With the 2024 Olympic rings almost certainly appearing in the shadow of the Eiffel Tower, France is looking at what it can do to make these some of the most innovative Games the world has ever seen. And even bigger than open-water swimming in the Seine River (previously viewed as groundbreaking since, unlike Rio, Paris actually did clean up its water) is the prospect of eSports being featured.
Incroyable? Non. At least not according to an article in The Washington Post:
The co-president of the Paris Olympic bid committee, Tony Estanguet, told the Associated Press he is mulling the addition of eSports to the agenda. And with an audience of eSports fans expected to reach 145 million people this year, per data gathered by Fortune, it’s no wonder Olympic officials might seize a share of these viewers, as well.
“We have to look at [eSports] because we can’t say, ‘It’s not us. It’s not about Olympics,’ ” Estanguet told the AP. “The youth, yes they are interested in eSport and this kind of thing. Let’s look at it. Let’s meet them. Let’s try if we can find some bridges.”
Since the IOC has been on a campaign to recruit younger viewers, and has, as a result, become interested in sports with those demographics, this may be an interesting hook. And to be fair, there is a precedent already; eSports will be included in the 2022 Asian Games, as reported in SDM back in May. (And to whet spectators’ appetites, eSports will be presented as a demonstration sport at next year's Asian Games in Indonesian cities Jakarta and Palembang.)
But overshadowing even the prospect of younger viewers are two problems. One is the fact that eSports is not a terribly telegenic event (which would result in it getting less camera time and therefore not bringing in that desired demographic) – and the other, bigger threat is the (not exactly new) concept of whether or not it is actually a sport. The Washington Post article notes:
In April, IOC President Thomas Bach did not sound convinced that eSports would fit in at the Olympics.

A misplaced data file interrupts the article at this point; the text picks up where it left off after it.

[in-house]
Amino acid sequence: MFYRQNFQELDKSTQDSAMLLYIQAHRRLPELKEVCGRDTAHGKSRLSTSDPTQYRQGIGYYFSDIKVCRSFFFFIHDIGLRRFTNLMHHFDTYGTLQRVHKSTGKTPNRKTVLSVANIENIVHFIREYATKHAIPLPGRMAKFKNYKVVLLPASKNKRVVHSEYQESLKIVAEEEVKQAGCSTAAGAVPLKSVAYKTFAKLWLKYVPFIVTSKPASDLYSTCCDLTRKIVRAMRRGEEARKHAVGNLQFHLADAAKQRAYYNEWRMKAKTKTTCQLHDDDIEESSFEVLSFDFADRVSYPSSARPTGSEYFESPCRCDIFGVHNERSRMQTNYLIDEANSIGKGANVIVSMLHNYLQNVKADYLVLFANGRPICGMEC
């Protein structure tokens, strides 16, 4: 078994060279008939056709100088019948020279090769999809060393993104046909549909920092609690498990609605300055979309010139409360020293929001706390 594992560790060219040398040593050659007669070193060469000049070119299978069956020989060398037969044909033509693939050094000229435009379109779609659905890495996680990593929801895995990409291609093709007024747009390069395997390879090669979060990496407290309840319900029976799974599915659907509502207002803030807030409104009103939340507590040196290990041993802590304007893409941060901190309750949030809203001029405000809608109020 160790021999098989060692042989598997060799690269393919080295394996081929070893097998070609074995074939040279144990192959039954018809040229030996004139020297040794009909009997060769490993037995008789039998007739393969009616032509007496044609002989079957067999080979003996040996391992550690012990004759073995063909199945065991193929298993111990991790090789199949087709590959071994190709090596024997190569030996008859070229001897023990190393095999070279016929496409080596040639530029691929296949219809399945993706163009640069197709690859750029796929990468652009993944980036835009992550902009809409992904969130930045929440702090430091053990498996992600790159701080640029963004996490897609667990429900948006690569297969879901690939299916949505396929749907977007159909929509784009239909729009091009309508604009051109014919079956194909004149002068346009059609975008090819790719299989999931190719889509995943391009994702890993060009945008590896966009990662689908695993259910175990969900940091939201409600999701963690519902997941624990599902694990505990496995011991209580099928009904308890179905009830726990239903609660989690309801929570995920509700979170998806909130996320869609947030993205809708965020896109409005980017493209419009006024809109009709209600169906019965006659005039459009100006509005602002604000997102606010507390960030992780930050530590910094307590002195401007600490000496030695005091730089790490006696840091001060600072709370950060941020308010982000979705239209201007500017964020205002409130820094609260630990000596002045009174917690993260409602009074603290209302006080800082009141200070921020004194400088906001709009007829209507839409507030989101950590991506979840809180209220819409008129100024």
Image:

“We are not yet 100 percent clear whether eSports is really sport, with regard to physical activity and what it needs to be considered sport,” Bach said (via Inside the Games). “We do not see an organization or a structure that will give us confidence, or guarantee, that in this area the Olympic rules and values of sport are respected and in place, and that the implementation of these rules are monitored and secured.”
To become an Olympic event, sports must demonstrate a certain level of international organization, including having a world governing body. (For example, swimming and diving events are overseen by the FINA, international basketball by FIBA, soccer by FIFA, etc.)
eSports made significant headway toward creating a world governing body last year when several pro teams combined with eSports’ largest league, the Electronic Sports League, to form the World eSports Association. The association has not proven a smooth operation, however. Just a day after the association was announced, Kotaku reported, one of the pro teams withdrew from the association citing concern over conflicting commercial interests stemming from ESL’s involvement.
While it’s interesting news, it’s not a pressing issue. Paris has at least until the 2020 Tokyo Olympics, to make any final decisions and work with the IOC.
In the meantime, that means #LA2028 has to really think hard about what it can do to raise eyebrows about its Games.